“I was the only one who was able to draw in the whole class,” says Maya Arulpragasam, a.k.a. pop icon M.I.A., of her earliest school years in Sri Lanka. “So, when we were doing our alphabet and we had to do little illustrations, I would draw in everybody’s books… I was the go-to person in the class.”
The M.I.A. origin story — unchanged since the earliest articles about her appeared a decade ago — is not the definitive story. That tale is just a history of her career as told through interveners: Her “terrorist” dad, her Brit-pop benefactors, Peaches’ gifted drum machine, Diplo’s affection and production on those early bamboo bangers, Madonna taking her along to the Super Bowl halftime show. But this myth of M.I.A.’s pop ascent should rightfully be viewed against the dazzling backdrop of an underdog artist who started as a child in Sri Lanka, when she discovered that fastidiously sketching images gave her the ability to transcend her circumstances.
“It’s a really difficult story,” says Arulpragasam. “Basically, when I went to school in Sri Lanka from age five onward, the classes there were sometimes sorted into a hierarchy of your skin tone. So the fairer-skinned kids sat at the front row, and the darker-skinned kids sat at the back by the poor ones who played out in the street all day long. They would turn up to school with no clothes on and they sat in the back row. I’m a Tamil, so I had darker skin, so I was sat in the back row… I was very useful to all the kids because I was good at drawing, and then I could sit anywhere that I wanted. So I kind of earned my way up the seating rank.” This is how art became her passport, the origin story of Maya the Artist.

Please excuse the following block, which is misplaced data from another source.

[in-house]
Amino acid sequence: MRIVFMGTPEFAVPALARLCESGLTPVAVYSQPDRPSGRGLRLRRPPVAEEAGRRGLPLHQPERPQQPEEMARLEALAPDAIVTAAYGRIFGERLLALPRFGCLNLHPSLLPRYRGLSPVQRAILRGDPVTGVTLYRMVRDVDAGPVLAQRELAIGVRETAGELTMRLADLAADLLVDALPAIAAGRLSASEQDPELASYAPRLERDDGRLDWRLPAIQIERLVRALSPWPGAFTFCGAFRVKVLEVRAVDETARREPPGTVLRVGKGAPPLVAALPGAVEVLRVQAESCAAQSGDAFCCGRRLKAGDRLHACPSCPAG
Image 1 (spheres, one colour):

She had no formal exposure to art as a child — just what she encountered in cinema posters, and the vibrant colors and prints of clothing worn by the women around her. She grew up next door to a textile factory that made and printed saris. “I used to hang out in the yard all the time, and they chucked all the paints out in the corner of the garden. I remember the smell of it, paint of all different colors.” These color combinations and print patterns became a part of her visual vocabulary, showing up in her earliest work after she attended the public Central Saint Martins College of Art and Design in London, and continuing up to the clashing hues of M.I.A.’s 2005 breakthrough Arular. That aesthetic still mirrors the sound of her latest album, Matangi: bright, tight, repetitive, and as busy as the Tamil Eelam’s tiger-print camouflage.